2. Eliminating emissions through switching to renewable (zero carbon) sources of energy
    3. Sequestering or offsetting any remaining emissions.

    Wesleyan's carbon neutrality plan focuses primarily on the first two pillars of this hierarchy and accordingly aims to purchase as few offsets as possible.  Approximately 20 percent of Wesleyan's carbon footprint can be attributed to more difficult to reduce sources, including air travel and commuting.  Wesleyan has determined that a robust program of air travel offsets will address this component of its carbon footprint while we investigate ways to effectively reduce these emissions so that in the future fewer offsets can be purchased.

  • How are carbon offsets generated?

    An offset is defined as an action or activity that compensates for the emission of carbon dioxide or other greenhouse gases to the atmosphere. Offsets are typically used to address emissions that the institution itself cannot eliminate. 

    According to Second Nature, "Carbon offsets can be generated by any type of project that reduces or eliminates greenhouse gas emissions beyond a business-as-usual scenario. Common types of offset projects include reforestation and improved forest management, methane gas capture and destruction, fuel switching, clean cookstoves, and energy efficiency. There are many more types of projects that can generate carbon offsets however. To get a feel for what project types exist, visit the methodologies page for the standards mentioned above."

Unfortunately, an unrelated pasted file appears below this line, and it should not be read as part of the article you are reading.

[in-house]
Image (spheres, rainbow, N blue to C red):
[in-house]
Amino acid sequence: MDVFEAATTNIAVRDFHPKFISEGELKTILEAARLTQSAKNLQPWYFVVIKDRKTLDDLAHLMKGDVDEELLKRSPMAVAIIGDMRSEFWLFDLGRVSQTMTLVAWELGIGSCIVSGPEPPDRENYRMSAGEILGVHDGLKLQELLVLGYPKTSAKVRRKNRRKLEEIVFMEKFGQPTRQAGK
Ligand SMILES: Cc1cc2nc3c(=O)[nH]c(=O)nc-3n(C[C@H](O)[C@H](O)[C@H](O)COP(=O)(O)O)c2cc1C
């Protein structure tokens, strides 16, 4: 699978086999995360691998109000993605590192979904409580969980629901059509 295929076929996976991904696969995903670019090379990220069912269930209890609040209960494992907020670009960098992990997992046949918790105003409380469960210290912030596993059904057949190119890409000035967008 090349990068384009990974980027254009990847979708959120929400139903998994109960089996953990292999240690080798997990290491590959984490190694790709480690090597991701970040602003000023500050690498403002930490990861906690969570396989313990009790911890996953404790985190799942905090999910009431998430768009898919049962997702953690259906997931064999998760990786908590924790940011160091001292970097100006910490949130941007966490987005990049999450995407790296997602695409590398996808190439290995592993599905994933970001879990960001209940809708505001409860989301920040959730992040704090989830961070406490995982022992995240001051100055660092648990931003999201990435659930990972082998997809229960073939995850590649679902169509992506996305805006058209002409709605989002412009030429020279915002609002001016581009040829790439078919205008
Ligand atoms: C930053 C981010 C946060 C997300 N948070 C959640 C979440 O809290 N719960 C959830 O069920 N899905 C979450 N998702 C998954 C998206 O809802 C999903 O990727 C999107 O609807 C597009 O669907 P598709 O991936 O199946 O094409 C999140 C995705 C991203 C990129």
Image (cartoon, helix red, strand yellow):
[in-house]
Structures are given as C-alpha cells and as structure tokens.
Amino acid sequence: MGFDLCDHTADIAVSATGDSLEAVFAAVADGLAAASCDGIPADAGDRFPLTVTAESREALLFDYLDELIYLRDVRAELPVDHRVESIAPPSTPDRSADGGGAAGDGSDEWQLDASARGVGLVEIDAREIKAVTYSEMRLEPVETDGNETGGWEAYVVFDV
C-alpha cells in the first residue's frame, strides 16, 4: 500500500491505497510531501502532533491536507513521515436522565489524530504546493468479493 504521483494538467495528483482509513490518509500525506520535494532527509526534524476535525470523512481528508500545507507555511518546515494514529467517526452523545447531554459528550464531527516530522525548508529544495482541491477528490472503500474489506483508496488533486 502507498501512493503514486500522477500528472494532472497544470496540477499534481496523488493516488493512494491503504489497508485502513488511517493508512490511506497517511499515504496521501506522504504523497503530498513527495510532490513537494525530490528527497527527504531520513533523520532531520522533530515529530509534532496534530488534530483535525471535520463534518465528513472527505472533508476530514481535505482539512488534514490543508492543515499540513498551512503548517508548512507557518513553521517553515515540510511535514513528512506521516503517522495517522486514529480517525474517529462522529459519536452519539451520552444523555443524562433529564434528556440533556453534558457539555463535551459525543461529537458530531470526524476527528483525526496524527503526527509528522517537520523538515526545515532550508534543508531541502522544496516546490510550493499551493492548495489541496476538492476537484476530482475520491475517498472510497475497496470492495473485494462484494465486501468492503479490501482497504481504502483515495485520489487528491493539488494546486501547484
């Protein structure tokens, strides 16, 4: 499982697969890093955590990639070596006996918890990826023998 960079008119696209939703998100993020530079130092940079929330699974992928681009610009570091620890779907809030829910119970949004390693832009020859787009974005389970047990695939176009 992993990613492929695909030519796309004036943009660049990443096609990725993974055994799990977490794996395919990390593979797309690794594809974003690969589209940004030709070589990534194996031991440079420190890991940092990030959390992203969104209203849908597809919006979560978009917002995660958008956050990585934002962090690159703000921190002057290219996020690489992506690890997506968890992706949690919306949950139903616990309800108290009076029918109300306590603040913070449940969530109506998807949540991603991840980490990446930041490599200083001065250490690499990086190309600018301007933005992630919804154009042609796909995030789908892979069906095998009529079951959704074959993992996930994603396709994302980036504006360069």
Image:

Duke University's Carbon Offsets Initiative has done extensive research on carbon offsets.  Learn more about offset basics via their Guide to Carbon Offsets and Co-benefits

  • Are carbon offsets "real?"

    According to Second Nature, "all credits issued from any of the major carbon standards (CAR, VCS, ACR, GS) will have undergone a robust verification process by an ISO accredited third-party verifier. These credits are also all tracked on registries to ensure emissions reductions are not double counted. Credits from standards not discussed above should be scrutinized carefully to confirm that they have been verified, are the result of a real project, have not been sold or retired previously, and are otherwise legitimate."

  • Where does Wesleyan purchase its offsets?

    In 2020, Wesleyan purchased carbon offsets from the Massachusetts Tri-City Improved Forest Management Project, operated by BlueSource and certified by the American Carbon Registry, a verified third-party certification.